This will be the first post in a series as I work through this data.
First, full disclosure, I work at Malaspina (Vancouver Island University) in Nanaimo and live 80KM away in Port Alberni. It’s a 1 hour drive morning and night, so yes, I have a vested interest in this topic. I am also a volunteer with the Corridor Coalition, which is trying to convince government to restore the E&N to a state where it could take a large chunk of the economic and environmental load of off residents, business, and industry on Vancouver Island.
The reason i started this, what I saw this post here at the theoildrum.com doing a similar study of commuting costs from the suburbs of Sydney, Australia.
The general premise being, that those in Australia, and in North America, have very much become used to very cheap gasoline (petrol). And this has created the ever expanding suburbia and exurbia with very little investment into Public Transport (rail, bus, or otherwise) by any of the governments in question.
As fuel prices rise rapidly, this is having a serious affect on the ability of households to cope… especially since wages are not keeping up with inflation over the past 30 years, let alone rising costs of the past 5.
So, I’ve created my own version of the Sydney example. I’ve used StatsCan data on Median Household Income Updated now: After Taxes and calculated the annual cost of fuel for transport based on 225 work days (42 weeks) a year, 2 different mileage constraints (“average” 22mpg or 10.7L/100K and 55mpg or 4.2L/100KM) broken down the percentages, and plotted them by distance on a map.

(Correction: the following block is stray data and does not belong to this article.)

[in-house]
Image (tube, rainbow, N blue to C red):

The first case I’ve tried is commuters to Nanaimo. So I’m using Nanaimos Median Household Income of $42,000 to calculate the percentages.
First is the Low Mileage Case. Second is the High Mileage Case. The Slideshow will walk you through $1.20, $1.50, $2.00, $3.00 and $8.00
Click the images and you will be taken to short slideshows showing the effect of rising prices. (Quicktime/iTunes required)
The $1.50 scenario could happen by May long weekend.
The $2 and $3 scenario could easily happen due to a major disruption/attack/hurricane/etc… and the $8 scenario is what they currently have in Europe.
The question we must start to ask, is, if oil prices are going to stay high, or go higher… how will that affect working people. People who *must* live outside the City due to high mortgage/rent will be forced to pay more and more just to get to work. When is the point that we should start investing in alternatives to get people from their home, to their work. Or better yet, start bringing their home and work closer together.
Personally, i don’t think we can wait for markets and economies to force down prices in urban areas in order to shift people back in from the suburbs. The prices are simply rising too fast. Right now, what we need to do is look at our medium range options. And on Vancouver Island, that means the E&N and Island Corridor Foundation. Sign up at OurCorridor.ca to show your support.
Next I will be doing commuters to Victoria.
UPDATE: I’ve updated the images and movies. Two changes:
#1: I am now using Median Household Income AFTER TAX to better reflect the effect on disposable income.
#2: They now include a $1/L scenario which is close to $4/Gallon US since that price point is creeping up on our neighbours to the South.